European research ministers say they are ready to press ahead with the Iter nuclear fusion project even if it means losing Japanese support.
ITER - NUCLEAR FUSION PROJECT
Project estimated to cost 10bn euros and will run for 35 years
It will produce the first sustained fusion reactions
Final stage before full prototype of commercial reactor is built
The multi-billion-euro reactor will produce energy from nuclear reactions like the ones that fuel the Sun.
But the international project has been stalled because the parties involved cannot agree on a location to build it.
Now, EU ministers say that if no deal is done soon, they will go it alone with a reactor at Cadarache in France.
"This is not an ultimatum, but we wish to reach a political agreement before the end of the year," French research minister Francois D'Aubert told reporters on Friday.
He added: "If the negotiations do not come to a rapid conclusion, the commission has the possibility to choose a different path."
And the EU's research commissioner, Janez Potocnik, added: "I do not think that it is useful to put a deadline on this. We have not discussed that today.
"As long as there is the slightest possibility of a positive outcome, I am committed to negotiate."
After the International Space Station, the International Thermonuclear Experimental Reactor (Iter) would be the largest global research and development collaboration.
There are currently six parties involved. The EU has the support of China and Russia to build the reactor at Cadarache.
Japan has the backing of the US and South Korea to construct Iter at Rokkasho in the north of its territory.
A decision on the location should have been made a year ago - but the parties are deadlocked.
Europe would like Japan to stand down and accept a major support role - in what the EU calls a "genuine partnership". This would involve Japan getting a materials testing facility needed to push forward the Iter project.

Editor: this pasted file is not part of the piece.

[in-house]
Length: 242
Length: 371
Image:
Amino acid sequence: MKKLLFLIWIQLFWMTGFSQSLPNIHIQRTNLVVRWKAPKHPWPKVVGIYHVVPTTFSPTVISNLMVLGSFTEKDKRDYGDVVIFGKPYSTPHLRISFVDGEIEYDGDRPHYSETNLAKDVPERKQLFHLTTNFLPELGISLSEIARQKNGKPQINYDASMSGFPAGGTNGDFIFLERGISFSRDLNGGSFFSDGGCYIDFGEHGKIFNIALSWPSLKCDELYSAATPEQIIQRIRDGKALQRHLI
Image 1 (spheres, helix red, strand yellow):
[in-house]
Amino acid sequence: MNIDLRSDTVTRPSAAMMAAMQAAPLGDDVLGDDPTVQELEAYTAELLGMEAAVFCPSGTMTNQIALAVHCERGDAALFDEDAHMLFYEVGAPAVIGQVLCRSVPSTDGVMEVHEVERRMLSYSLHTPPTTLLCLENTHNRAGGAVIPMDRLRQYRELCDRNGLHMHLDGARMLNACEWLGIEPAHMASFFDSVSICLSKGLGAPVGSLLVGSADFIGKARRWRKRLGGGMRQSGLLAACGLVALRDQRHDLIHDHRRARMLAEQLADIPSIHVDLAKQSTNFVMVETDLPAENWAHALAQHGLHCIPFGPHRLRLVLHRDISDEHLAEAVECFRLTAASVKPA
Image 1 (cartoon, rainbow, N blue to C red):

The facility would also be well placed to win any contracts to supply the commercial reactors that could come after Iter.
Japan, however, is adamant that it has the best candidate site and has been upset by the EU's attempt to force the issue by threatening to go it alone.
"It is extremely regrettable. We hope that the EU will handle this matter appropriately and honestly," said Takahiro Hayashi, deputy director of the Office of Fusion Energy at Japan's energy ministry.
Europe would build Iter on the French Mediterranean
"There is no deadline for the talks. We will continue until both sides reach an agreement," he told the AFP news agency.
And the office's director, Satoru Ohtake, told Reuters news agency: "The two sides have different ideas, and therefore we should take time to have good discussions."
He added: "The fact that they are setting a deadline for their rival to make a concession is something like a declaration of war."
Unlike in fission reactions, in which atomic nuclei are split to release energy, fusion reactions release energy when nuclei are forced together.
The process is the same as the one that powers the Sun. Achieving stable and sustained reactions on Earth, however, present an immense challenge.
The Iter design is for the reactions to take place inside a 100-million-degree gas (plasma) suspended in an intense doughnut-shaped magnetic field.
Several research facilities, such as the Joint European Torus (Jet) project at Culham, UK, have shown this is feasible; but none has so far been able to sustain the reactions for long periods.
Jet has shown the plasma (right) approach should succeed
Iter will consolidate all that has been learnt over many decades of study. It is expected to produce 500MW of fusion power during pulses of at least 400 seconds.
If it achieves this and its technologies are proven to be practical, the international community would then build a prototype commercial reactor, dubbed Demo.
Fusion could help fill the void as the world moves away from oil, coal and natural gas.
The fusion fuels are plentiful and produce no greenhouse emissions when "burnt". The systems are said to be inherently safe because they shutdown in a malfunction; and although radioactive materials are produced, they are not of the high-level long-lived variety that has so burdened nuclear fission.